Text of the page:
New IRS Procedures Offer Significant Relief for Certain Expatriates

Eli Noff, Esq., Partner
Mary F. Lundstedt, Esq., Associate

On September 6, 2019, the Internal Revenue Service (IRS) announced new relief procedures, “Relief Procedures for Certain Former Citizens,” allowing eligible, non-willful individuals, who relinquished their U.S. citizenship, to come into compliance with U.S. tax and filing obligations and obtain relief for back taxes.[1] The IRS has not yet provided a date for which this opportunity will no longer be available; thus, affected individuals should act quickly.


Adult U.S. citizens may relinquish their citizenship per the requirements in the Immigration and Nationality Act.[2] Individuals who choose to do this may experience significant U.S. tax consequences.

Specifically, Internal Revenue Code (IRC) §877A provides that individuals who are “covered expatriates:”: (1) are treated as having disposed of all (worldwide) assets as of the day before their expatriation date, (2) must pay a mark-to-market exit tax on gain resulting from the deemed asset disposition,[3] and (3) are subject to additional tax consequences related to certain deferred compensation items and trust distributions.

Generally, IRC §877(a)(2) treats an individual as a “covered expatriate” if:

  • For the five years preceding expatriation, the individual’s average annual net income tax liability exceeds a specified amount adjusted for inflation (for example, in 2019 this amount is $168,000);[4]
  • The individual’s net worth is more than $2 million; or
  • The individual neglected to certify under penalties of perjury that he or she complied with the IRC for all five years preceding expatriation.[5]

New Relief Procedures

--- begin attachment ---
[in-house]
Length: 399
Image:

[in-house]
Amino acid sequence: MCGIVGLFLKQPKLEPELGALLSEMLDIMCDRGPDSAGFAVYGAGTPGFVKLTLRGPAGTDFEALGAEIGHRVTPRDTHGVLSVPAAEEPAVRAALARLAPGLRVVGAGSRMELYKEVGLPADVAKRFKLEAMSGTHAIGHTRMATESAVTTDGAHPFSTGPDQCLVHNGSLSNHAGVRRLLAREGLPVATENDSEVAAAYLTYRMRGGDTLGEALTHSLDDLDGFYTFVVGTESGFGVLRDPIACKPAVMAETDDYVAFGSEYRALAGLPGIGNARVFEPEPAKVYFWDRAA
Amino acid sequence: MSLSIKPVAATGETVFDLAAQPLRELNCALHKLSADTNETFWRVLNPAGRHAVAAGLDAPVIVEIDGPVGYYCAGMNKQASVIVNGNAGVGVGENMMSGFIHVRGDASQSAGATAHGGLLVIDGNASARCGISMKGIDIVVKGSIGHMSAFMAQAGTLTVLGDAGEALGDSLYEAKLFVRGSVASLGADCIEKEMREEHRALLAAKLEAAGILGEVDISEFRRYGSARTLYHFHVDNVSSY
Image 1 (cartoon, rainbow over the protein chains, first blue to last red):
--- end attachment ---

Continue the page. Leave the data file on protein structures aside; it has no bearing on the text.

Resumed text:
According to the announcement, the new procedures will only apply to individuals who relinquished their U.S. citizenship after March 18, 2010andmeet the following requirements:

  • They have not filed U.S. tax returns as U.S. citizens or residents;
  • Their past non compliance was non-willful;
  • They owe a limited amount of back taxes for the six tax years at issue-no more than $25,0000; and
  • They have net assets of less than $2,000,000.

The IRS clarified that eligible individuals who want to use the relief procedures must file their outstanding U.S. tax returns for the five years preceding expatriation. The IRS stated that individuals who qualify for the new procedures are relieved from paying back taxes and are relieved from penalties and interest.

For now, there is no termination date for utilizing the procedures; however, the IRS will announce a closing date before eliminating them. The IRS emphasized that the procedures are only available to individuals; thus, estates, trusts and other entities are precluded from using them. The IRS also noted that it will host an on-line webinar soon to provide additional information about the procedures. For now, one may glean information in the form of Q&As by visiting:


Individuals should note the IRS’s reminder in the announcement that:

Relinquishing U.S. citizenship and the tax consequences that follow are serious matters that involve irrevocable decisions. Taxpayers who relinquish citizenship without complying with their U.S. tax obligations are subject to the significant tax consequences of the U.S. expatriation tax regime. Taxpayers interested in these procedures should read all the materials carefully, including the FAQs, and consider consulting legal counsel before making any decisions[emphasis added].

If you have questions or concerns about the new Relief Procedures available or regarding expatriation, contact Eli Noff at Frost Law today at (410)-497-5947.

[1]IR-2019-151 (Sept. 6, 2019).

[2]8 U.S.C. 1481, §349.

[3]Note that IRC 877A(a)(3)(A) provides an exclusion amount for certain gain.

[4]Rev. Proc. 2018-57, §3.37.

[5]This certification is made on Form 8854,Initial and Annual Expatriation Statement.

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